The Mind of Mr J.G. Reeder – Sheer Melodrama (14th May 1969)

British actors browning up is an occupational hazard you encounter when watching television from the sixties and seventies. Today’s episode of Reeder has two prime examples – Michael Bates (as Ras Lal Punjabi) and Leslie Lawton (as Ram Bannerjee).

Bates, of course, would later don the brown make-up once again when he played Rangi Ram in It Ain’t Half Hot Mum. Bates’ performance in IAHHM is presumably one of the reasons why the sitcom no longer receives television screenings, which is a shame as Ram (as befits a Perry/Croft character) does have certain subtleties.

However, subtle is certainly something you couldn’t accuse Ras Lal Punjabi of being. The character is grotesquely over the top, but then – as per the episode title – that’s really the point of the story. Bates’ turn has an air of mockery, but it’s still somewhat difficult to take.

Elsewhere in the episode, a fresh-faced Ken Campbell catches the eye as Tommy Fenalow, an obviously criminal type. The suit and the moustache are both dead giveaways.

The story, such as it is, is not terribly gripping. But, as always, Hugh Burden manages to make something out of it. Reeder’s love for melodramatic theatre (he’s a devotee of the Sweeney Todd type of drama) is a nice little touch. Guy Verney’s direction is also quite noteworthy – he makes good use out of some strong production design (the high angles in the warehouse set, for example).

Having quickly skimmed through the original story, it’s interesting to note that Vincent Tisley’s adaptation was pretty faithful – especially the passage where Reeder explains to Margaret Belman exactly why he enjoys a decent melodrama.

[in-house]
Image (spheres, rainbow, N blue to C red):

2 thoughts on “The Mind of Mr J.G. Reeder – Sheer Melodrama (14th May 1969)

  1. It helps when you remember that Michael Bates, was born in India, served in the Indian Civil Service & He was commissioned in the Indian Army &served in the Burma Campaign as a major with the Brigade of Gurkhas.

    He modelled Rangi Ramed on quite a few Indians that considered themselves British, imitating their accents & drawing on his experiences of his years there..

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    • Yes, I’m well aware of Bates’ history. As I touched upon, his role in IAHHM does have some subtle touches (helped along by Perry/Croft’s scripting). But it’s harder to be charitable when considering his J.G. Reeder performance – which is broad in the extreme.

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